A series of simple dynamic food chain models are developed to explore the interactions between Ethiopian wolves, rodents and vegetation and how they may be affected by increasing levels of livestock grazing. I also explore how predictions made about these trophic dynamics are affected by the type of functional response linking the different levels. The models suggest that the pastures of the Web valley and Morebawa are likely to be incapable of maintaining wolves at current livestock densities, while the Sanetti plateau may be able to sustain only slight increases in livestock density before tipping into a trophic configuration unable to sustain wolves. This model is a first step in assessing the seriousness of conflict between pastoralists and wildlife in BMNP.
Resource selection functions are developed and validated for cattle and sheep/goats grazing in the Bale afroalpine in an attempt to understand some of the drivers behind the heterogeneous use of the landscape by livestock. Habitat use by livestock is focused on lower-lying pastures in the vicinity of water sources (rivers or mineral springs). Only cattle strongly select for/against particular vegetation types. The probability of habitat use is also linked to the distance from the nearest villages. The models developed highlight a strong association between livestock use and rodent biomass in Morebawa and Eastern Sanetti, suggesting that livestock grazing poses a threat to Ethiopian wolves‟ persistence in marginal habitats in which rodent availability is already limited. Furthermore, the concentration of livestock around water sources has serious implications for the degradation of the park‟s hydrological system and the livelihoods and food security of the millions of people living in the dependent lowlands. Integrating research and practice is a fundamental challenge for conservation. I discuss how the methodological tools developed and the insights gained into the dynamics of the afroalpine system can contribute to the management of livestock grazing pressure in Bale Mountains National Park and highlight gaps in the knowledge of the afroalpine ecosystem where more research is needed.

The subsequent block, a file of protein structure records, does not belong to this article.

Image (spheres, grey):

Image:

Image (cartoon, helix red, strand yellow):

Item Type: Thesis (PhD)
Qualification Level: Doctoral
Keywords: Livestock grazing environmental impact, rangeland ecology, afroalpine, Ethiopian wolves, rodents
Subjects: S Agriculture > SF Animal culture
S Agriculture > S Agriculture (General)
Colleges/Schools: College of Medical Veterinary and Life Sciences
Supervisor's Name: Haydon, Prof. Daniel and Macdonald, Prof. David
Date of Award: 2010
Depositing User: Dr Flavie Vial
Unique ID: glathesis:2010-2012
Copyright: Copyright of this thesis is held by the author.
Date Deposited: 28 Jul 2010
Last Modified: 10 Dec 2012 13:49